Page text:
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  5. "La città era piena di attivi…

"La città era piena di attività."

Translation:The city was full of activity.

June 5, 2013

11 Comments


https://www.duolingo.com/profile/J.Franchomme

In italiano "attività" è invariabile, however in English I think both forms "activity" and "activities" are correct.

Indeed "La città era piena di attività" means that there are many activities.


https://www.duolingo.com/profile/xyphax

Perhaps, but in English 'full of activity' is a much more common phrase; one rarely says a large place is 'full of activities'.


https://www.duolingo.com/profile/k8italiana

That's what i put too. I think the elision (contraction of the di) does not occur if the noun is plural.
Here is the explanation I Googled (provided by Necsus on the Word Reference forum) : "It is normal to have it with singular articles and respective prepositions combined with an article (l'uomo, dell'altro, un'amica), with singular demonstrative adjectives questo, questa, quello, quella (quest'uomo, quell'amica), with bello, bella (bell'uomo, bell'amica), with santo, santa (Sant'Antonio, Sant'Anna), with di in d'accordo, d'epoca, d'oro (but optional before a verb: d'essere o di essere), with come and ci before the verb essere (com'è successo, c'è) and with some idioms: a quattr'occhi, l'altr'anno, tutt'altro, senz'altro, nient'altro, nessun'altra, tutt'al più, mezz'ora, buon'anima, quand'anche. In other cases the elision is always optional, it occurs especially with the monosyllables, particularly with the preposition di, and it is more frequent when the initial vowel of the following word it is the same and it is unaccented (mi importa => m'importa), or when they follow another monosyllable with same vowel (lo ho detto => l'ho detto). It's not possible to elide the preposition da, except in the expressions d'ora in poi, d'ora in avanti, d'altronde, d'altra parte. "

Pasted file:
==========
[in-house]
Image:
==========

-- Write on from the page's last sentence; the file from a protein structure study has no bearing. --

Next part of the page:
https://www.duolingo.com/profile/craaash80

Shouldn't "plenty of activities" be accepted?


https://www.duolingo.com/profile/MadelynWri

"Plenty" would have to be used with "to have" i.e. "it HAD plenty of activities" whereas in this sentence they're using "to be" i.e. "it WAS full of activity". You couldn't say "it was plenty of activities". If you said "There were plenty of activities in the city" it would be correct English but quite a different sentence from the original one given.


https://www.duolingo.com/profile/AnneBcklun2

You should be able to translate città with town since only a few communities with large populations are considered cities


https://www.duolingo.com/profile/ksoo

Is this word also used in a sports context?


https://www.duolingo.com/profile/Mr_Carrot

'Til the 'rona came along

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